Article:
tho material interests of the working
class.    The workers have suffered no
one-third of the entire working force.
A statement has just been issued by the
women informing the government that
they can now provide 300,000 more women workers, thus relieving all of the
men for duty at the front. As it is
claimed that each of these feminine
munitions workers hundles 2000 shells
per dny, each weighing 14 lbs., it would
seem that they should be in the
trenches inBtead of the men. Very few
men are able to throw 14 tons of hand
grenades at the enemy per day.
loss in consequence of such practices,
nor would they hnve gained anything
had such frauds not been committed.
The burden upon them would have been
the same in either case. If n section of
the property owning clnss has succeeded
in escaping taxation through making
false returns or otherwise, it only moans
that other property owners have bci...
compelled to mnke up the shortage. To
the man without taxable property it
made no difference. The working clasB,
as a class, is without property, therefore it is none of its business how mnny
property owners succeed in playing low-
down tricks upon other members of
their tribe, by tax-dodging or other cuts
little bnsincsB capers.
*   s   *       *
All wealth, expressed in terms of exchange valuo/is produced by labor.   All
thnt the workers get out of it is their
keep.    Out  of  the remainder of the
wealth produced, all of tho balance of
the expense incidental to the thieving
process must bo paid.   A part, of that
constitutes what is termed taxes.   If nil
taxes  could  be cut  out, the  masters
would be that much to the good.   Tho
veriest tyro should be ablo to see that
the workers would not be n penny better off, howover.       If a Rockefeller
evades his taxes he merely pilfers to
that extent from tho balance  of his
profit-hungry tribe.   It would be equivalent to ono of a band of robbers cheating his fellows in tho 'division of the
swag,   gained   through    a   successful
foray.   It surely would not be up to
thoso who had been robbod, to mako a
kick about tho division of the plundor.
Labor will have quite enough'to attend
fo by minding its own business, nnd not
wnsting timo over the petty pilfering
tricks that their masters play upon each
other.   Tho columns of Labor journals
can be p-at to better use than carrying
such junk.
In speaking of, infantile paralysis,
Health CommiBBioner Emerson of New-
York, said to a reporter of tho Call: "I
do not know of a single caso in a well-
to-do family." There is no logical reason why a case should be found there.
The Call says, "It is a poverty disease," and the Call is correct as far aa
it goes, but it does not go far enough.
Poverty, as it is known in our duy, ib
the clnld of slavery. If infantile paralysis is duo to poverty and poverty is n
result of slavery, then this affliction,
that is not found in the fumilios of the
"well-to-do" may properly be termed a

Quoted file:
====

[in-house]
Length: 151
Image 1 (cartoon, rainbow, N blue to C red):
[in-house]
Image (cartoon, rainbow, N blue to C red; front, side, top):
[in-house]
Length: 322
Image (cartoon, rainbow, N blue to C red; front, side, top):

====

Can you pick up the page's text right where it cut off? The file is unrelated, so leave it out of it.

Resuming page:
slave epidemic or disease. It ia an ob
jectionablo by-product of sluvory. It it
thorofore quito proper that it should bo
confined to the families of tlio "poorer
the slaves themselves.
FRIDAY. JULY 28, 1914
Labor Government to Compel Pay-tribts to Help
Pay War Debt
No Advance in Prices to
Pass the Burden On to
According to a writer in tho Economic World, the workerB in tho mountain
districts of Peru are onabled to work
nine shifts of nino of ten hours each in
tt week, This is made possible through
"tho remarkablo properties of tho
loaves of tho coeon plant, which the native delights in chewing, in tho wny of
making sleep unnecessary and of sustaining the nervous energy in tho body,
without causing subsequent depression
or mnking it necessnry to Bleep off later
the hours that have beon passed in' abnormal wakefulness." We suggest that
the B. C. Sugar Refining Co. and similar
eleemosynary institutions of thiB province, import a few bales of these leaves
for the purpose of encouraging industrial zeal and diligence upon tho pnrt
of their employees. In these dnys of
industrial efficiency no opportunity of
this sort should bo overlooked. I
Straws nre snid to "show which wny
the wind blows." From the Labour
Lender we glean thnt the anti-war socialists of Germany aro not in such'
hopoiess minority as we have beon led
to beliove, through tho mouthings of
the pro-war lendors and members of thi
reichstag. At the general meeting of
the branches of the pnrty in Berlin recently, on every motion the "official"
point of view, wob overwhelmingly defeated. In the placo of Herr Eugen
Enst, a pro-war socialist, Horr Adolf
Hoffman, one of the most courageous opponents of the war in thc Prussian diet,
was elected chairman by 307 votes to
67. Tho retiring secretnry and treaaurer, both of whom had supported tho
"majority" in the reichstag, were not
re-elected. It was unanimously agreed
to organize a demonstration in sympathy with Dr. Karl Liebknecht, It is
evident thore will bo a new and very
real socialism in Germany after this
war madness has run its course. Sonu
thing quito different from that which
fell for the military schemes of the
Kaiser and Junkerdom.
[By W. Francis Ahern]
SYDNEY, N. S. W., June 15— (Special
to Tho Federationist.)—Tho Australian Labor federal government has
introduced a bill into parliament, under
which it is proposed to take 50 per cent.
of all profits on industry in Australia
for war purposes. It will be collected
on all prolils made after .Tune 30, 1915,
so there will be a full year's contribution to lie collected almost instantly.
For the purpose of reckoning there is to
bo a pre-war standard, a war-standard,
and a statutory percentage. Tho prewar standard of profits is taken aB the
amount of profit urising from the business on the average of any two of tho
last three pre-war trade years. The percentage standard is taken to be an
amount equal to tho statutory percentage on the capital of the business as
existing at the end of he last pre^yar
trado year. In special cases tho statutory percentage is to be 0 per cent, with